The word maintenance has not been defined in the Family Court Act, therefore we have to look at the dictionary meaning. Varies dictionaries defined it as under:
Black’s Law Dictionary:
The Black’s Law dictionary defines maintenance as financial support given by one person to another which is paid as a result of legal separation or divorce. Maintenance may end after specified time, upon the death, or remarriage of the receiving party.
According to the Chambers dictionary, “maintenance” is money paid by one person to support another, as ordered by a court of law. e.g. money paid to an ex-wife and/or children following a divorce.
Maintenance under the Muslim law:
Maintenance under Muslim law is known as “Nafqah” or “Naan O’ Nafqah” which means what a man spends over his family. “Nafqah” basically includes food, clothing and lodging.
Muslim Wife is Entitlement to “Nafqah” Even If She Is Wealthy:
A Muslim husband is bound to maintain his wife under Muslim law. Her right to maintenance is absolute, as per Islam. The Holy Qur’an says:
“The women have almost the same rights over men as men have certain rights over the women in kindness”. – Quran
The Holy Prophet (P.B.U.H) has said: “The best among you are those who behave well with their women.” The following versus of the Holy Quran gave rise to the rights and obligations of maintenance:
“Let the man of means spend according to his means: and the man whose resources are restricted, let him spend according to what Allah has given him. Allah puts no burden on any person beyond what He has given him. After a difficulty, Allah will soon grant relief”. [Al-Talaaq 65:7]
The above verse from the Quran clearly states that the amount of maintenance will depend upon social status of the parties and economic conditions of the husband. So the opposite party should refrain from putting undue burden on the man.
Maintenance of Children and Grandchildren:
Family Maintenance rights; Source: huffe.com
A father is bound to maintain his sons until they have attend the age of puberty. He is also bound to maintain his daughters until they have married. But he is not bound to maintain adult sons unless they are disabled and infirmity or disease.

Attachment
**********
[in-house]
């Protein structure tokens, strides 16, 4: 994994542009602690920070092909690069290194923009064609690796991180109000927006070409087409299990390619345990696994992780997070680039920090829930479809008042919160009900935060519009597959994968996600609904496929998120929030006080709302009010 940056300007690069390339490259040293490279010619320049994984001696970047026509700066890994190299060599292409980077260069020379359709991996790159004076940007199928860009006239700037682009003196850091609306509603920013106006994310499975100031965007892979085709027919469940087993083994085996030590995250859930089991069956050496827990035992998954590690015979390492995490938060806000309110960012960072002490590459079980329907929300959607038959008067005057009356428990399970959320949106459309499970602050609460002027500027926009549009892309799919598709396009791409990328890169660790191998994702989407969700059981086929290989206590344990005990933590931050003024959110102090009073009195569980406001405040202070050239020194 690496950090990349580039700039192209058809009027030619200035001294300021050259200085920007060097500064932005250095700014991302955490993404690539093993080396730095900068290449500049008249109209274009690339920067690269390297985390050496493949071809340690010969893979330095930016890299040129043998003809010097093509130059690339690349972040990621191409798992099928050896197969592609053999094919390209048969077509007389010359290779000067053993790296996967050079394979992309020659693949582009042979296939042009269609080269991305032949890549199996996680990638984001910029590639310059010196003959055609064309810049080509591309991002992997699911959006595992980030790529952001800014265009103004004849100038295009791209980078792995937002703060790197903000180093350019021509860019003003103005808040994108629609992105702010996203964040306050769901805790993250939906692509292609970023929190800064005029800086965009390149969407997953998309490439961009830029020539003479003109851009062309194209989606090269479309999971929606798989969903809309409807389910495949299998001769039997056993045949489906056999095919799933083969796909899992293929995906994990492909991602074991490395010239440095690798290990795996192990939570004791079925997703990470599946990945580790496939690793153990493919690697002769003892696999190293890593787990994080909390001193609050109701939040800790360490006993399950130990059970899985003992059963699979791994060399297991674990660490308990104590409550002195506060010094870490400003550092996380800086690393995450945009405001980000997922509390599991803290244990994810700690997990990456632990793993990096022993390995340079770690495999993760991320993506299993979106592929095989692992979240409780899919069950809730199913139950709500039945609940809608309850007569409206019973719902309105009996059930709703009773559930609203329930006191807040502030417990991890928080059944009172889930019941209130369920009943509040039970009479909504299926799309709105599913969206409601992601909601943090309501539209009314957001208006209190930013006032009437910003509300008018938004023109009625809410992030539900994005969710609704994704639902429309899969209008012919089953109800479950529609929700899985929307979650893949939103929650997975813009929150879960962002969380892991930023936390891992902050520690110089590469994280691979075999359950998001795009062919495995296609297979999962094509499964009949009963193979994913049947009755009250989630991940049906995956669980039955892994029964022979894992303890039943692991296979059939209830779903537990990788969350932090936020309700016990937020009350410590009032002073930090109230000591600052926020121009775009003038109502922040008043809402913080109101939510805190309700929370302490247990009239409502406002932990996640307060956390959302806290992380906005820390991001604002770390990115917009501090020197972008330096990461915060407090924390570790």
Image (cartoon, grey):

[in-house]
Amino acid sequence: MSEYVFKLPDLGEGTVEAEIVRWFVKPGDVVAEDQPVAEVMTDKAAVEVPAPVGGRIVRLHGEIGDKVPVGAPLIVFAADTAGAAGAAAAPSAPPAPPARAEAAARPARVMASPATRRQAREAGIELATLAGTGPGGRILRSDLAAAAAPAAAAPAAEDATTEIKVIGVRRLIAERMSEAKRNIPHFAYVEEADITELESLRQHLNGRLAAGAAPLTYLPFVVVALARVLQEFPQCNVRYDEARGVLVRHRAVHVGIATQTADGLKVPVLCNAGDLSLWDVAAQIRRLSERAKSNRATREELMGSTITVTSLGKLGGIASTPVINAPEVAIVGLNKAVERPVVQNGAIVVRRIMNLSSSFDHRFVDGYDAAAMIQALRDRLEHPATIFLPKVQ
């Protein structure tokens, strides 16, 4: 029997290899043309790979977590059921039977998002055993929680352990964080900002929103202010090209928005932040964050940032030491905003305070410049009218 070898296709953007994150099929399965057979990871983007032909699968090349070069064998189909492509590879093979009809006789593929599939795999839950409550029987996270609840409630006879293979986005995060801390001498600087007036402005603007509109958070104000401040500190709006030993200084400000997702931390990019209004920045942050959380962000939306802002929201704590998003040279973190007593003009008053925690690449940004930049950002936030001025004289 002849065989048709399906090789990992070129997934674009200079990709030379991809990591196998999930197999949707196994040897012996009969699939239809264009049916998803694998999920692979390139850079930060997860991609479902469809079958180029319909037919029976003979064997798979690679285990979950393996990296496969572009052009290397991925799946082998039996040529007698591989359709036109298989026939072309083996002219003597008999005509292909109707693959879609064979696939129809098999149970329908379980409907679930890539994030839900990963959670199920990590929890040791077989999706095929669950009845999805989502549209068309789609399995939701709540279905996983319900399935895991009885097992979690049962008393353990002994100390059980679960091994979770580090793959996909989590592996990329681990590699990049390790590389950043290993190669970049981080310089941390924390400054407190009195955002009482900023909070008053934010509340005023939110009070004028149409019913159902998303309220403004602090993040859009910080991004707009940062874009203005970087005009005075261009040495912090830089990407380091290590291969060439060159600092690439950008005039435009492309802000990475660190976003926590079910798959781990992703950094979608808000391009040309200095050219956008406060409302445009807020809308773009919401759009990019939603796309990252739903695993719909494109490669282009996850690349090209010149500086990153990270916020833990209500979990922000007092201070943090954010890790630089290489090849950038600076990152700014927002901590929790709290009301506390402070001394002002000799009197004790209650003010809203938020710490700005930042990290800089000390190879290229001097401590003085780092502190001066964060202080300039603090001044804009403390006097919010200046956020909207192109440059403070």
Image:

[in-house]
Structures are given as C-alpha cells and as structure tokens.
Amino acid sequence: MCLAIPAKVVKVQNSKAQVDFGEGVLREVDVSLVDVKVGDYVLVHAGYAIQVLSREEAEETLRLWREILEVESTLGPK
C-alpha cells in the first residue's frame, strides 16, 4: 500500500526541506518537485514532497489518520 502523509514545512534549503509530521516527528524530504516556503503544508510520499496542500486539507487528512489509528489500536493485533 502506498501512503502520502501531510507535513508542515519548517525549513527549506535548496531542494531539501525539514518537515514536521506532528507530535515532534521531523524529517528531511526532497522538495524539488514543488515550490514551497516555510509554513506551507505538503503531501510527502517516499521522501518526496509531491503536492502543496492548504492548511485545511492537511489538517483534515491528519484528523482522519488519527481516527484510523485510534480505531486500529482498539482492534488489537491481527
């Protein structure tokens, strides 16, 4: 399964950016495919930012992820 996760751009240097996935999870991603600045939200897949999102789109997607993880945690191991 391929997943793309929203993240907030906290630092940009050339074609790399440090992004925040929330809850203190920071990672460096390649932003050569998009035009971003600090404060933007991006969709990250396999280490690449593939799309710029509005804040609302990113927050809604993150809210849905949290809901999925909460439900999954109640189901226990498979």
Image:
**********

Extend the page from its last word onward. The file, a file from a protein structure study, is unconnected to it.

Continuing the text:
Maintenance of children is basically the responsibility of a father and it is his duty to provide all monetary and economic needs of the child. Even after his ex-wife is married to another person, it is solely the biological father’s duty to bear all expenses of his child. This includes expenses for upbringing, education and for other related facilities.
In the light of the above, it is quite evident that to maintain his child is obligatory on the biological father and his responsibilities cannot be absolved merely on the basis that the mother is an earning hand or has remarried.
Grounds on which maintenance can be denied:
A wife is not entitled to maintenance if;
- She has not attained puberty yet according to the law.
- She abandons conjugal domicile without any valid cause
- She is disobedient to reasonable commands of her husband
- She has eloped with somebody
Entitlements to the Muslim wife after a divorce:
Under Muslim Women (Protection of Rights on Divorce) Act, 1986 a divorced Muslim woman is entitled to the following from her former husband;
- Reasonable provision and maintenance within the Iddat period.
- Where children born before or after the divorce are being maintained by the wife, then reasonable and fair provision and maintenance to be paid for 2 years from the respective dates of birth of such children.
- An amount equal to Mahr or dower agreed to be paid to her.
- All properties given to her before or at the time of marriage or after marriage by her relatives, friends or husband or any relative of husband or his friends.
What To Do If Wife Is Not Provided Her Entitlements:
A suit for maintenance of wife/wives and children (if any) can be filed in court.
(i) If husband fails to maintain his wife adequately, or where there are more wives than one, fails to maintain them equally, the wife, or all or any of the wives, may file a suit for recovery of maintenance amount under West Pakistan Family Court, Act 1964 against her husband.
(ii) As per Pakistani and Islamic law, it is the duty of the biological father to provide for maintenance of his child. In the event of divorce or separation, it is likely that fathers discontinue maintenance of their children. In such circumstances, the mother of the child can apply to the court to have the father pay for the child’s necessary expenses and needs. Maintenance orders are passed within delay and the amount is collected strictly as a collection of revenue or tax.